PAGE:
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Sundance Film Festival 2022: Summary

Sundance Film Festival 2022: Summary

Words, words, words cannot convey the meaning and emotional impact of a film and there are only so many words in the English language we can repeat over and over in our vain attempts. Only the movies themselves can convey the emotional impact of meaning in the stories we tell. Descriptions don’t convey it nor do critiques. Programmers introducing films do not, nor do the directors. Halfway through the movies I saw, none succeeded in conveying it either…However, Sundance is dynamically evolving and the success it will achieve in its new incarnation will soon be apparent.Courtesy

Watch the Festival Trailer here. You can also “relive” the festival day by day here.

Halfway through the online viewing of fest films I had chosen to see, I remained unmoved and impatient with words of programmers and filmmakers introducing films which gave me very little satisfaction. Add to it the cumbersome difficult process of screenings and screening times, I was ready to give up.

Beginning with the doc The Princess with all the footage repeating the usual stories we have heard, continuing with doc Fire of Love (picked up by National Geographic for the world for mid seven-figures and to go out theatrically before its debut on Disney’s streaming platform), with fabulous volcanic footage but which did not delve into psychology of the two protagonists themselves or into their relations with each other. However it did win the Jonathan Oppenheim Editing Award for U.S. Documentary honoring Erin Casper and Jocelyne Chaput, and its director Sara Dosa.

Nor did Klondike get into the characters living through the progression of the war between Ukranian separatists and pro-Russian males as the wife of one comes to full term in her pregnancy. However its director Maryna Er Gorbachdid take the prize for Directing Award for World Cinema Drama. And the film seems prescient of escalating war in Ukraine today.

Master by Mariame Diallo, an almost conventional ghost story, felt like it has been rushed through editing to be finished in time for Sundance. Riotsville Usa — well it was experimental, so its fragmentary design can be attributed to that — was good at compiling a detailed overview of the white and black versions of the riots of 1965 (Watts), ’66 Chicago, ’67 Newark and 100 other cities ending in North Florida riots but did not feel cohesively told through the use of the mockup towns built by the US military to combat urban unrest aka terrorism.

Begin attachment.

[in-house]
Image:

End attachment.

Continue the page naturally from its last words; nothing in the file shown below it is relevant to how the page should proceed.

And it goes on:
Descendant, which descended into multiple endings, ended with what seemed more like a community/ educational documentary than a theatrical feature doc. It was produced by Participant and was picked up by Netflix for the world. It also won the U.S. Documentary Special Jury Award for its Creative Vision. It shoulda been better.

Lena Dunham’s Sharp Stick, while engaging, seemed more like a trifle indie film than a substantial drama or comedy. And the girlie-girlie nuances of Am I Ok? was standard fare and yet it was picked up for the world for nearly 7 million by HBO Max. Well the girls are very attractive and fun to watch.

Alice starting as a slave drama and morphing into an hommage to Coffy, a 1970s Pam Grier blaxploitation film almost made it but in the end still failed to make a strong emotional impact. It had been prebought before Sundance by Vertical Entertainment and Roadside Attractions for the US. Alice (Keke Palmer), brutally enslaved on a rural Georgia plantation, restlessly yearns for freedom. She flees after a violent clash with her forced lover, plantation owner Paul (Jonny Lee Miller). Running through the woods, she suddenly sees a highway, and cars and soon discovers that the year is actually 1973. Rescued on the roadside by a disillusioned Black activist named Frank (Common), Alice uncovers the lies that have kept her enslaved and the promise of Black liberation as seen through the prism of the 1970s.

‘Alice’ courtesy of

The debut feature of writer-director Krystin Ver Linden, is inspired by true accounts of Black Americans who were kept in peonage for more than 100 years after the end of slavery, one I remember reading about myself. It is an audacious attempt to but ultimately fails to mix historical fact with contemporary fiction.